13 March 2007
ByAppeared in BioNews 398
According to researchers from the University of Iowa, blood tests could be developed to detect an individual's predisposition to suffer panic attacks or become addicted to substances such as nicotine or cannabis. The research, published in the American Journal of Medical Genetics, draws its conclusions from the differences in the patterns of gene expression observed in the blood samples of participants.
The first study analysed the gene expression in lymphoblasts - immature white cells - of 16 subjects with a panic disorder and 17 without, finding significant differences in gene activity between both groups. Lead author, Dr Robert Philibert, said that, 'panic disorder will no longer be a purely descriptive diagnosis, but, as with cystic fibrosis, Down syndrome and other conditions, a diagnosis based on genetic information' adding that the findings could also 'help us better understand the pathways that initiate, promote and maintain panic disorder'.
Patients with panic disorder suffer frequent panic attacks which include palpitations, shortness of breath, sweating and loss of control. Symptoms are frequently mistaken for heart attacks and patients often end up taking unnecessary cardiac tests. The team is hoping to develop a blood test for commercial use which might help identify individuals who suffer from a panic disorder and which could lead to preventative treatments.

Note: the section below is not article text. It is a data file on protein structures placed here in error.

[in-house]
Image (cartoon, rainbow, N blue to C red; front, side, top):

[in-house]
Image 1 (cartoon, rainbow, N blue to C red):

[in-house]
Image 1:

A second study, published in the same journal and using similar techniques, suggests that gene expression could also be used to measure an individual's susceptibility to addictive substances. This study found differences in gene expression between people with and without a history of smoking. The team initially used samples from 6 subjects and 9 controls, using further data from 94 subjects to check for pattern matches at the gene level. A total of 579 genes were more expressed and 584 were less expressed in people who had smoked.
However, Dr Philibert warned that, 'having a particular gene expression change does not by itself predict that a person will act a certain way. However, it can indicate who might have a greater biological basis for engaging in behaviours such as smoking and alcohol or marijuana use' and that 'what matters most is not whether you have a particular gene but whether the gene is expressed, and what other environmental factors may be at play. Genetic variation in and of itself is not deterministic'.
A technique called 'transcription profiling' was used to analyse the blood samples in both studies. This technique involves looking at all the genes at one time. Expressed genes are labelled with fluorescent tags and changes in the intensity of the fluorescence are then used to identify differences in gene expression.